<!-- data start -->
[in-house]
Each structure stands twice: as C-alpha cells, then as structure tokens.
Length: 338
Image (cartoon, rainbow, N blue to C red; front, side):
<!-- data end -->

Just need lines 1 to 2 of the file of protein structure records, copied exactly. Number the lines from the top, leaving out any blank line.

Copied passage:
[in-house]
Each structure stands twice: as C-alpha cells, then as structure tokens.